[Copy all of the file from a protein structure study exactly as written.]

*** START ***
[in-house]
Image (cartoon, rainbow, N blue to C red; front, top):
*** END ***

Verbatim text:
[in-house]
Image (cartoon, rainbow, N blue to C red; front, top):